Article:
If you want the ability to negotiate difficult rapids, a white-water kayak is your best bet for river kayaking. White-water kayaks have a short body and a lot of "rocker" or curvature between bow and stern. This allows them to turn extremely quickly to avoid rocks and negotiate rapids. The downside is that white-water kayaks are slow and track horribly. They have no natural tendency to stay in a straight line.
At the other extreme are long, sleek sea kayaks. These kayaks are fast and track extremely well. Many also come with storage compartments, making them a good choice for both casual paddles and long trips. In general, the longer and thinner a sea kayak, the faster it will be, but the more sluggishly it will maneuver. There are many variations in sea kayak design, and some allow for quicker turns for slightly rowdier rivers.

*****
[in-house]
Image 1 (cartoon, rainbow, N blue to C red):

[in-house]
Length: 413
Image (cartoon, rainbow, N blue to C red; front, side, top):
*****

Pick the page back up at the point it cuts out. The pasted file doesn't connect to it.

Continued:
For casual river kayaking, sit-on-top kayaks are a smart option. Instead of sitting in an enclosed compartment, the kayaker sits on top of an open cockpit. Many people find this more comfortable, since it is easy to move around. Sit-on-top kayaks are also stable, which makes them appealing to people who find normal kayaks a bit too tippy. They also work for river fishing, since there is room in the cockpit for your gear and a lunch.
Recreational kayaks make good, all-purpose river kayaks. They are a bit more rounded and less sleek than ocean kayaks, but they track better than white-water kayaks. They aren't very well suited for long trips or extreme white water, but are good for nearly all other conditions. If you aren't sure what you want, a recreational kayak may be the ideal first boat.